10 March 2015

“In the mountains of Mindanao, Philippines, thousands of children walk through kilometers of mountain road to go to school. They bear the scorching heat, cross swollen rivers, and traverse landslides, if only to learn how to read, write and count.”


Dear Friends

Warm greetings from Auckland Philippines Solidarity (APS)!

APS is a group of New Zealanders engaged in campaigns for human rights, justice and peace in the Philippines. In the aftermath of massive destruction brought by typhoons Haiyan and Bopha, APS also supported the fundraising efforts of Filipino community group Migrante Aotearoa.

Particularly in Mindanao, the southern island of the Philippines, groups such as the Rural Missionaries of the Philippines (RMP) have on-going recovery efforts for indigenous communities hardly reached by government support – many of these communities suffered not only the wrath of typhoons but worse, the large scale plunder and destruction of open pit mining and development aggression.

APS is therefore supporting the Save Our Schools (SOS) campaign of the RMP. Part of this campaign is the endeavour to produce “Birang: Stories of Lumad Heroes” – a project of KALUMARAN (Strength of Indigenous People in Mindanao, a children’s book for Lumad children.  APS enjoins New Zealanders to take part in this project. For as low as NZ$6.50, we can help make difference to a child’s life. We appeal for pledges to share the gift of “Birang” to more Lumad children. Your pledges can go a long way to support:

*1 child PhP 210 NZ$ 6.50

* 1 classroom PhP 4,200 NZ$ 130

* 1 grade level PhP 42,000 NZ$ 1,310

* 1 school PhP 105,000 NZ$ 3,280

For a glimpse of the book project kindly check the attached file.

You may transfer donations through our BNZ account: Philippines Solidarity 02-0208-0062905-001.  Reference: Birang book Mindanao

Thank you so much for your generous support.



Pacific Media Centre, Asia Pacific Human Rights Coalition and APS mark 5th anniversary of Ampatuan massacre

IMG_2969 (1)

APS joined delegates from the Pacific Journalism Review’s 20th anniversary conference to mark the 5th anniversary of the Ampatuan massacre*.  Delegates from the conference at Auckland University of Technology and representatives from Amnesty International and APS condemned the massacre and the failure of the Philippine justice system to bring the perpetrators to account.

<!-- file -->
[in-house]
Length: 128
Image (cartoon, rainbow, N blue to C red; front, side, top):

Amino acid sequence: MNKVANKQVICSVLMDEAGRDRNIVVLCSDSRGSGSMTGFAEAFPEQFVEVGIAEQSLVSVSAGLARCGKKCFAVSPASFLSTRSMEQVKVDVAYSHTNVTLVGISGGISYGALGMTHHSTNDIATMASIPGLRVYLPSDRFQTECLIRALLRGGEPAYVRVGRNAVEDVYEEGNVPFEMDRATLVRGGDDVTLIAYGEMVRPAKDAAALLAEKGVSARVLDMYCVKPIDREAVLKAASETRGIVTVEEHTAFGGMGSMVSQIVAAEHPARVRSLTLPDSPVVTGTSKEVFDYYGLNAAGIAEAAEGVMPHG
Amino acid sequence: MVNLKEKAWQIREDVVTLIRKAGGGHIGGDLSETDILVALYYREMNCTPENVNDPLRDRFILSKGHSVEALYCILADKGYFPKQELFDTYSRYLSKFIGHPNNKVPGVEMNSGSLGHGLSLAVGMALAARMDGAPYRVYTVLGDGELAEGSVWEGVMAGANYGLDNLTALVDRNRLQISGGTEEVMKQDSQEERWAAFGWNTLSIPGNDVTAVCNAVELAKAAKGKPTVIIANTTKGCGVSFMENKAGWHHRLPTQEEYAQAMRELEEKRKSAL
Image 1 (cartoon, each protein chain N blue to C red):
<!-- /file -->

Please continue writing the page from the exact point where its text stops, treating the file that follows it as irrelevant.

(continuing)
Five years on from the worst massacre of journalists in history none of the gunmen or their political handlers have been convicted.  Recently two witnesses of the massacre were ambushed by gunmen.  Among the 58 people killed in the 2009 massacre, 32 were journalists.

Professor David Robie of the Pacific Media Centre reads out a statement calling for justice for the victims of the Ampatuan massacre and an end to violence against journalists in the Philippines.

Professor David Robie of the Pacific Media Centre reads out a statement calling for justice for the victims of the Ampatuan massacre and an end to violence against journalists in the Philippines.

NZ Unions and APS mark 10th anniversary of Hacienda Luisita massacre

day against trade union repression 2014

16 November 2014





“Ten years on since the Hacienda Luisita massacre, the Aquino presidency has no indication that it will end the bloody land monopoly of his clan and slave wages for the farmworkers. It’s totally outrageous that the President’s family expects Filipino farmworkers and their families to survive on PhP9.50/day (less than 0.30 NZ$) and silence them with bullets when they assert their long-running demand for genuine land reform.”

Thus was the statement of NZ-based human rights advocacy group as New Zealand trade union and human rights activists gathered on Friday 14th November to mark the International Day of Action against Trade Union Repression, to show solidarity with all workers asserting their rights to form unions to fight for just wages, job security and humane working conditions.


Members of Auckland Philippines Solidarity (APS), FIRST Union and Unite Union lit candles after watching the documentary video on one of the worst attacks against workers’ right to freedom of association: Ten years ago, on November 16, 2004, the military and police forces opened fire on striking sugar workers of the 6,453-hectare Hacienda Luisita owned by one of the Philippines’ biggest landlords – the president’s Aquino-Cojuangco clan.

President Benigno Aquino III was the manager of Hacienda Luisita and member of Congress at the time of the massacre.

 “We lit candles to reiterate demand for justice for the seven martyrs of the November 16, 2004 tragedy and the scores of union leaders and supporters brutally killed in the following months. How many more lives of poor peasants and farmworkers will be taken before the President’s family heed the numerous court orders following massive strikes and solidarity actions demanding just distribution of the land in Hacienda Luisita,” APS asked.

“We dare Pres. Aquino and his family members to try living on PhP9.50/day like the thousands of families of the striking sugar workers who remain denied of justice and dignity of hard labour up to this day,” APS concluded.